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On the job search and the wage distribution

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  • Christensen, Bent Jesper
  • Mortensen, Dale
  • Neumann, George R.
  • Werwatz, Axel

Abstract

The estimates of the structural parameters of a job separations model derived from the theory of on-the-job search are reported in this papers. Given that each employer pays the same wage to all observably equivalent workers and that wage dispersion across employers exists in the sense that different employers offer different wages to the same worker, the theory implies that a firms separations outflow is the sum of an exogenous flow to unemployment and a job-to-job flow that decreases with the employer's wage. We find that the model provides a good description of job separation flows in our cross-firm sample drawn from the Danish Pay and Performance database for the year 1994- 1995. The estimates also explain most and in some cases all of the employment effect, defined as the difference between median wage earned by employed workers and the median wage offered by employers. Finally, the empirical results also provide estimates of the curvature of the cost of search function as well as the parameters of the separations equations. --

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Paper provided by Humboldt University of Berlin, Interdisciplinary Research Project 373: Quantification and Simulation of Economic Processes in its series SFB 373 Discussion Papers with number 2000,108.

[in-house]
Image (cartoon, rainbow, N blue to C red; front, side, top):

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Date of creation: 2000
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Handle: RePEc:zbw:sfb373:2000108

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  1. Eran Yashiv, 2000. "The Determinants of Equilibrium Unemployment," American Economic Review, American Economic Association, vol. 90(5), pages 1297-1322, December.
  2. Bontemps, C. & Robin, J.M. & van den Berg, G.J., 1998. "Equilibrium Search with Continuous Productivity Dispersion: Theory and Non-Parametric Estimation," Papers 98-07, Centre for Labour Market and Social Research, Danmark-.
  3. Oi, Walter Y. & Idson, Todd L., 1999. "Firm size and wages," Handbook of Labor Economics, in: O. Ashenfelter & D. Card (ed.), Handbook of Labor Economics, edition 1, volume 3, chapter 33, pages 2165-2214 Elsevier.
  4. Abowd, J.M. & Kramarz, F. & Margolis, D.N., 1995. "High-Wage Workers and High-Wage Firms," Cahiers de recherche 9503, Centre interuniversitaire de recherche en ├ęconomie quantitative, CIREQ.
  5. Nielsen, M.S. & Rosholm, M., 1999. "Wages, Training, and Job Turnover in a Search-Matching Model," Papers 99-03, Centre for Labour Market and Social Research, Danmark-.
  6. Bowlus, Audra J & Kiefer, Nicholas M & Neumann, George R, 2001. "Equilibrium Search Models and the Transition from School to Work," International Economic Review, Department of Economics, University of Pennsylvania and Osaka University Institute of Social and Economic Research Association, vol. 42(2), pages 317-43, May.
  7. Hoyt Bleakley & Ann E. Ferris & Jeffrey C. Fuhrer, 1999. "New data on worker flows during business cycles," New England Economic Review, Federal Reserve Bank of Boston, issue Jul, pages 49-76.
  8. Katharine G. Abraham & Henry S. Farber, 1986. "Job Duration, Seniority and Earnings," Working papers 407, Massachusetts Institute of Technology (MIT), Department of Economics.
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